On the sev­enth day, we leave the terra firma and head to Stari Grad on the island of Hvar. The island is known as the sun­ni­est spot in Europe, with over 2715 hours of sun­light in an aver­age year. There you can enjoy its unspoilt nature, cov­ered in sweet-​scented laven­der fields and vine­yards and a pleas­ant walk on the prom­e­nade. In other words, an another per­fect spot for tast­ing local del­i­ca­cies such as dal­matin­ska Pašti­cada, lamb, octo­pus baked under a bak­ing lid and the Stari Grad gin­ger­bread, but also an oppor­tu­nity to enjoy the iconic wine of the Dal­ma­tia region — Plavac Mali, a cross between ances­tral Zin­fan­del, Crl­je­nak Kašte­lan­ski, and Dobričić grapes. Typ­i­cal dishes and bev­er­ages: grilled qual­ity fish with home­made olive oil (den­tex, sea bass, mack­erel, or sar­dines), gre­gada of Hvar (brodetto stew), octo­pus mar­i­nated in Mediter­ranean spices under a bak­ing lid, sal­ads made of spi­der crab, lob­ster or scampi with capers and olives, lamb and mut­ton dishes, almond cake, gin­ger­bread of Stari Grad; Plavac Mali, Crl­je­nak, Prč, Pošip and Bog­danuša wine.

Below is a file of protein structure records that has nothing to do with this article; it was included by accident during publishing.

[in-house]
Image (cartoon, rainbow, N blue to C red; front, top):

We leave Croa­tia briefly once again to visit Mostar, the eco­nomic, cul­tural and tourist cen­tre of Herze­gov­ina, but also a mon­u­ment to the har­mo­nious blend of dif­fer­ent cul­tures and believes, of old and new. Mostar is the city of con­trasts, where “the east and west meet”, as you will observe vis­it­ing the tra­di­tional Kujundžiluk (old bazaar) and the con­tem­po­rary city cen­tre. Mostar is famous for its mag­nif­i­cent stone bridge Stari Most (Old Bridge), built dur­ing the Ottoman Empire (in 1566) over the Neretva River. Today we switch from the Mediter­ranean cui­sine to Bosnia and Herzegovina’s meat-​based dishes influ­enced by the Turk­ish culi­nary tra­di­tion — a real treat for your taste buds! From a vari­ety of Burek types (pas­try made of a thin flaky dough filled with meat, cheese or veg­eta­bles), grilled meat dishes to inter­est­ing stews such as Mućkalica and Bosan­ski lonac, one thing is sure — you won’t leave Mostar hun­gry! Typ­i­cal dishes and bev­er­ages: Čevap­čići, sudžu­kice (grilled sausages), Burek, bosan­ski lonac (slow roasted pot of meat and veg­eta­bles), Mućkalica, Sogan Dolma (fried onions stuffed with minced meat), Tufahija (boiled apple filled with wal­nuts and honey, topped with cream),Baklava, Hur­mašica and Tulumba cakes; brandies made out of herbs, plums and blueberrry.